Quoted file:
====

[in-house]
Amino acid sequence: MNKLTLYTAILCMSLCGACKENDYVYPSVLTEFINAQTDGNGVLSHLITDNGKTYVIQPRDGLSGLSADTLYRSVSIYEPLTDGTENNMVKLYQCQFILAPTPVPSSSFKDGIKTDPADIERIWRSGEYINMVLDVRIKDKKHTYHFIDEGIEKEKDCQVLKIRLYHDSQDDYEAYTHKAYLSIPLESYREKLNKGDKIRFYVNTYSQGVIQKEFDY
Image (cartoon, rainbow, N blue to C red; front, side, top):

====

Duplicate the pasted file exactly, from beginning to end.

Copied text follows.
[in-house]
Amino acid sequence: MNKLTLYTAILCMSLCGACKENDYVYPSVLTEFINAQTDGNGVLSHLITDNGKTYVIQPRDGLSGLSADTLYRSVSIYEPLTDGTENNMVKLYQCQFILAPTPVPSSSFKDGIKTDPADIERIWRSGEYINMVLDVRIKDKKHTYHFIDEGIEKEKDCQVLKIRLYHDSQDDYEAYTHKAYLSIPLESYREKLNKGDKIRFYVNTYSQGVIQKEFDY
Image (cartoon, rainbow, N blue to C red; front, side, top):